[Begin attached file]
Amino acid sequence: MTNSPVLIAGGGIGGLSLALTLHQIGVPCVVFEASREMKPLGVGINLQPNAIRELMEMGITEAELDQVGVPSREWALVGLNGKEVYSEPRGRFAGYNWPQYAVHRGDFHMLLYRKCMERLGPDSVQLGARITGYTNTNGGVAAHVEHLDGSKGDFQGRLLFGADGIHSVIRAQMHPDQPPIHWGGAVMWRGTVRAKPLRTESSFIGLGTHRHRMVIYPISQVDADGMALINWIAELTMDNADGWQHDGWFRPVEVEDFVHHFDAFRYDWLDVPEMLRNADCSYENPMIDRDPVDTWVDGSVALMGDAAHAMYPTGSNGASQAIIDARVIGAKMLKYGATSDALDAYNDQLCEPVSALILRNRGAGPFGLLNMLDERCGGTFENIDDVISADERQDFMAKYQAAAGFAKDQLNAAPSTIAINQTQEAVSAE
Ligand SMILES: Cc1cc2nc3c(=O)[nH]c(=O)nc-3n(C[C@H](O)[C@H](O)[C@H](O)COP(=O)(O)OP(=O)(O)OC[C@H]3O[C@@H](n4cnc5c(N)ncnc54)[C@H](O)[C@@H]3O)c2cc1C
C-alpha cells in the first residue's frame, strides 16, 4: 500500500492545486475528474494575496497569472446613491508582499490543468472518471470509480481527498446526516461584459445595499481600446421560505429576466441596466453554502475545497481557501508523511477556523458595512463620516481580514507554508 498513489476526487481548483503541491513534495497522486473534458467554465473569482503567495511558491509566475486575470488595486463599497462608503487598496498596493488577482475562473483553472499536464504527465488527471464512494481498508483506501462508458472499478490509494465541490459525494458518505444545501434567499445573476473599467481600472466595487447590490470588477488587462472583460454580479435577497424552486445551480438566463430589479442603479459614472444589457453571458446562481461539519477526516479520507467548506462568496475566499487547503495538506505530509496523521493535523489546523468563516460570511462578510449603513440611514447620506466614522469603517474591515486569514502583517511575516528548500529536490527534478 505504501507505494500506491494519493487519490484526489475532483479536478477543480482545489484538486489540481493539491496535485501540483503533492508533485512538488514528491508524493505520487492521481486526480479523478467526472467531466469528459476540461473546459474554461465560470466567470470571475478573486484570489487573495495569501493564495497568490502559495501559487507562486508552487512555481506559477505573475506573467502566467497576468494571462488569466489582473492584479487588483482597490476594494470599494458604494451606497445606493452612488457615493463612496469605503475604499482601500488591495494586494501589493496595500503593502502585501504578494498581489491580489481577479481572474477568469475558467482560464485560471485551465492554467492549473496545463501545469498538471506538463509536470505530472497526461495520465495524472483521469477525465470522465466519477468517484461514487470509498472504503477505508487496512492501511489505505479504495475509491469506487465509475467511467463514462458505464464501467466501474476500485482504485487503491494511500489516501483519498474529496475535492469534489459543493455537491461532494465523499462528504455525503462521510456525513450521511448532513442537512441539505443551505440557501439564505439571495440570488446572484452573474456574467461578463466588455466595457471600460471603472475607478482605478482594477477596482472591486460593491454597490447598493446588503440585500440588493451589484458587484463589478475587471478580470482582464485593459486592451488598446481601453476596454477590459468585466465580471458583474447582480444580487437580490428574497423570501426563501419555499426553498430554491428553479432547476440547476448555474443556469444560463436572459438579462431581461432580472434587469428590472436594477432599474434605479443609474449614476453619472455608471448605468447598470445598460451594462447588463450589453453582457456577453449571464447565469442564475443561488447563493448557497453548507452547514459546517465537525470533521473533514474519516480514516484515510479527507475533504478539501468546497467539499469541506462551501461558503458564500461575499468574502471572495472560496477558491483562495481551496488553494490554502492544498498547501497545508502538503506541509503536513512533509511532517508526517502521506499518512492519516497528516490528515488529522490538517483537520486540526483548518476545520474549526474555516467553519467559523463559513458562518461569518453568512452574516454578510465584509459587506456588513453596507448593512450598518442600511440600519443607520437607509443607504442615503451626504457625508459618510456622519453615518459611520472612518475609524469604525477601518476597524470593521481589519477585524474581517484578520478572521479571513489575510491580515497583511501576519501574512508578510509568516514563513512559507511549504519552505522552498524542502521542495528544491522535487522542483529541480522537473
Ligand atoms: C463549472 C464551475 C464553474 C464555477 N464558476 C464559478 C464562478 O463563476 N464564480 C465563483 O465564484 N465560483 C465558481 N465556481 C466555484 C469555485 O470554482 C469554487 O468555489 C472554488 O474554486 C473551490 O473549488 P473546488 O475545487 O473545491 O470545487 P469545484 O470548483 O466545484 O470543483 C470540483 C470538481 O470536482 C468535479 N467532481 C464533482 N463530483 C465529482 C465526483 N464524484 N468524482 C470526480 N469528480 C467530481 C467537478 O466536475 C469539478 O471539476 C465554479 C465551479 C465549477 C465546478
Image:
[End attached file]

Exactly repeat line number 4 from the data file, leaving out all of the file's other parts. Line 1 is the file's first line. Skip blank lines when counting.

Ligand atoms: C463549472 C464551475 C464553474 C464555477 N464558476 C464559478 C464562478 O463563476 N464564480 C465563483 O465564484 N465560483 C465558481 N465556481 C466555484 C469555485 O470554482 C469554487 O468555489 C472554488 O474554486 C473551490 O473549488 P473546488 O475545487 O473545491 O470545487 P469545484 O470548483 O466545484 O470543483 C470540483 C470538481 O470536482 C468535479 N467532481 C464533482 N463530483 C465529482 C465526483 N464524484 N468524482 C470526480 N469528480 C467530481 C467537478 O466536475 C469539478 O471539476 C465554479 C465551479 C465549477 C465546478